June 21, 2012
As old rules of usage erode, employee grammar skills are getting worse, a recent survey says. Managers blame the informality of email, texting and Twitter, where slang and shortcuts prevail, The Wall Street Journal reports. This looseness with language can cause communication errors, ruin marketing materials and leave bad impressions with clients, managers say.
“Twenty-five years ago it was impossible to put your hands on something that hadn’t been professionally copyedited,” says Bryan A. Garner, author of the book "Garner’s Modern American Usage" and president of LawProse, a Dallas-based consulting firm. “Today, it is actually hard to put your hands on something that has been professionally copyedited.”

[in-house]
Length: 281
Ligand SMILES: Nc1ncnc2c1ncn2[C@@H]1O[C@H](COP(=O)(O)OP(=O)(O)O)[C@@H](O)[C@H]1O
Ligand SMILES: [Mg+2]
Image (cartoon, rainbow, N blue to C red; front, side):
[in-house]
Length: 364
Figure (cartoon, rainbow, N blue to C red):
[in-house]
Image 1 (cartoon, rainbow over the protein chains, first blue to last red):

In the survey from the Society for Human Resource Management and the AARP, most participants blamed younger workers for the decline in grammar skills. But Tamara Erickson, an author and consultant on generational issues, argues that 20- and 30-somethings who are accustomed to texting and social networking have simply “developed a new norm.” At RescueTime, a Seattle-based maker of personal-productivity software, sincerity clearly expressed in 140 characters or less is considered good communication. Says the company’s 38-year-old vice president Jason Grimes, “Those who can be sincere, and still text and Twitter and communicate on Facebook … are the ones who are going to succeed.” — Greg Beaubien
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